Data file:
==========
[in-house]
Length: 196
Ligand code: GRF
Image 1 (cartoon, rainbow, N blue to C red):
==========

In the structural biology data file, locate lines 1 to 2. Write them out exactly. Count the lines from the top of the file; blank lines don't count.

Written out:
[in-house]
Length: 196